The modern server room is in the midst of a paradigm shift. An increased demand for mobile products and services among employees in a number of industries has forced today’s IT leaders to reshuffle their priorities.
A recent report from eMarketer showed just how widespread the mobile boom has become. The source found that 66 percent of respondents use social media tools on their mobile devices. In fact, some demographics such as mothers and Hispanic individuals use their phones to check Facebook and Twitter more than they use PCs for the same purpose.
Although this may not directly link to the current dynamic impacting IT departments, it highlights the trend that is driving change in the industry. With bring-your-own-device (BYOD) initiatives increasing across the world, IT professionals are finding that their roles are changing rapidly.
As a result, many enterprises are focusing on project-by-project models when it comes to IT development. The reason: The need for creating enterprise-grade applications. In a recent article, CIO Magazine reported that this trend has forced a large portion of IT leaders to adopt a new approach to developing their respective teams. Enterprises are no longer focused on the hardware or software management side of IT. Instead, many are implementing a project-first strategy.
Hardware skills are ignored
Although the need for mobile and other applications is become more apparent, this new modus operandi has had a negative impact in the sector. CIO cited a survey from Innotas that indicated half of all businesses have had an IT project fail in the last year. The report noted that 74 percent of respondents view a lack of necessary resources as the primary factor for these shortcomings.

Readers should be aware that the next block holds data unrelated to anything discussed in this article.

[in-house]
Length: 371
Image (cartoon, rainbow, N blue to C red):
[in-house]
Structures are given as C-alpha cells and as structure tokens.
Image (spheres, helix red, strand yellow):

More accurately, the reason there are so many failed projects could be a deficiency of necessary hardware management skills at many organizations. Innotas CEO Kevin Kern suggested the changing IT culture has oddly enough created a need for professionals with traditional IT skills.
“We’ve moved away from an era of hardware and operating systems and it’s all about applications,” Kern told the source. “Nobody on the business side cares how solutions are delivered, they care about the value of the application.”
For this reason, endpoint-related IT certifications could be useful for today’s tech professionals. As executives start to recognize that they still need adequate hardware-facing workers, the demand for Microsoft SQL training and other database, server and network certifications may increase.
This is something both IT leaders and entry-level industry professionals should note in order to achieve long-term success.